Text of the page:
During my most recent "transition period" between employment relationships, I discovered that I'd started to fall a bit into the dreaded gray area between one who "does" and one who manages those who "do". While the situation is relatively common across industries as one moves up the ladder, I felt like the Instructional Design domain had a heavier-than-usual emphasis on knowing how to directly use (at a detailed level) the latest version of the leading eLearning authoring tools. It seemed that knowing "of" one or more tools and their capabilities wasn't enough (even if you were seeking a management role).
Since I was a bit of a minor code/authoring jockey back in the day, I was confident that I could pick up the thread relatively quickly - most authoring tools are simply variations on a theme and once you knew the basics in one, learning how to do things in another is just a minor shift in mechanics. With this in mind, I dusted off a copy of Articulate Storyline and started mocking up a project (since I've long advocated Doing as the best way to learn something new, I wanted to 'eat my own dog food'!).
Over the course of several days, I threw together a storyboard and basic structural framework for a module on the basics of the Pythagorean Theorem. It was based on a boy who was trying to build his dog a new doghouse, but he needed help figuring out how long to cut the diagonal pieces that make up the roof line. As part of the support (read: instructional) materials that are available to the learner, I created a series of five Proof illustrations using PowerPoint with a voiceover (in many ways, that process ended up being a bigger learning experience for me than working with Storyline!).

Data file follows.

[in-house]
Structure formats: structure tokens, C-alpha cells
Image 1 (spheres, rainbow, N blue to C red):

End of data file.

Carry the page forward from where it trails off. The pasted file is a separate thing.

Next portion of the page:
As luck would have it, however, shortly after creating the last video version of the PowerPoint Proofs, my leisure time suddenly became much more limited - I secured a terrific position with a great organization in start-up mode, so the usual slow ramp-up and orientation period was skipped in exchange for immediately jumping into a project that had some very aggressive deadlines. It was a problem I was VERY happy to have, so the full Storyline project got mothballed...
The Video Proofs, however, turned out pretty well, so I posted them to my YouTube channel in case they might help some young (or not so young) learner get their head around the Why behind A^2 + B^2 = C^2.
Take a look (and post a comment!)....
Proof #1: Visual Comparison
Proof #2: Deconstruction (A)
Proof #3: Deconstruction (B)
Proof #4: President Garfield's Trapezoid
Proof #5: Dissection